March 3, 2015

Can We Strengthen our Fragile Public Domain? | Peer to Peer Review

Kevin L. Smith

Each year the copyright community celebrates January 1 as “Public Domain Day.” That is because a convenient fiction included in most nations’ copyright laws says that if a work’s term of protection expired during the previous year, it officially enters the public domain on the following January 1st. Instead of having to figure out the exact day of an author’s death, and having different works enter the public domain each day, we just save them all up, so that all the works whose term expired in 2014 (i.e., all works whose authors died 70 years earlier, in 1944) entered the public domain on New Year’s Day 2015. At least, they did in most other countries, but not in the U.S.

Feedback: Letters to LJ, February 1, 2015 Issue

A French librarian’s response to the Charlie Hebdo shooting, transactional versus transformational, and more letters to the editor from the February 1, 2015, issue of Library Journal

MARC, Linked Data, and Human-Computer Asymmetry | Peer to Peer Review

Dorothea Salo

I had to put together the introductory lecture for my “XML and Linked Data” course early this time around, because I’ll be out of town for the first class meeting owing to a service obligation. Since I’m starting with linked data instead of XML this time, I found myself having to think harder about the question nearly every student carries into nearly every first-class meeting: “why should I be here?” Why, among all the umpty-billion things a library school could be teaching, teach linked data? Why does it matter?

Change for Researchers’ Sake | Not Dead Yet

Cheryl LaGuardia

If there’s one word I’d choose as the single most repeated term in libraries over the course of my career (thus far) it would be “change.” And that word has usually had a good connotation for me, since I’ve always figured that if you’re going to change something, you’re going to change it for the better. But now… I’m not so sure.

Trying Too Hard For Relevance | From the Bell Tower

Steven Bell

Academic librarians would agree that keeping themselves front and center in the minds of their community members is a high priority. Staying relevant is a good thing. But is it possible to go too far?

Worth the Price: Reflecting on the Problem of “Free” | Editorial

Rebecca T. Miller

“When a library goes out for a vote, the librarians shift from being partners in education, skills building, personal enrichment, and community identity. We turn into the Tax Man,” write political action committee EveryLibrary’s John Chrastka and Rachel Korman in their take on 2014 referenda. This predicament is true for all libraries, but it is especially pointed for libraries that struggle at the polls.

Public Management Is Tougher: Tech drives increased need for libraries | Blatant Berry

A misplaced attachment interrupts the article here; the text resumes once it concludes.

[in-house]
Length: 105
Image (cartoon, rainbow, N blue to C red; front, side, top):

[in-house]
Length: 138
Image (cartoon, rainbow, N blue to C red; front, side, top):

John Berry III

My optimistic aging memory had me waiting for the economy to do what it used to do and recover enough so that the public and private nonprofit sectors by which most libraries are funded would catch up with the already recovered private sector. So I was a bit taken aback when Siobhan Reardon, the president and director of the Free Library of Philadelphia and LJ’s 2015 Librarian of the Year, told me that wasn’t going to happen.

Crowdfunding Access to Archives | Backtalk

Ryan Cordell, Northeastern University (NU), Boston, and his colleagues are studying how information went “viral” in 19th-century America, when newspapers and periodicals published short works of fiction, poetry, and other prose. Before modern copyright law, it was common for editors to reprint these texts, originally published elsewhere. The texts moved around the country through this network, resulting in a shared print culture. Cordell’s research seeks to identify these shared texts, to examine which were reprinted and why, and to map how they traveled and changed as they passed from publication to publication.

All or Nothing | Peer to Peer Review

Wayne Biven-Tatum

After three columns in a row about the ebook situation for libraries, I thought I was finished with the discussion, but then I got an email from an ebook vendor. He pointed out that his ebook publishing platform did all the things I had said I wanted from library ebooks, and asked, very politely, why, then, hadn’t my library bought any of them? Here is my answer. It probably doesn’t apply to every library, but it applies to some of them, especially some of the larger ones.

Are You “The Man” or “The Mobilizer?” | Leading from the Library

Steven Bell

Leaders have the power: To make changes. To set direction. To accomplish things. The nature of power is changing. Smart leaders will learn how to make the most of it.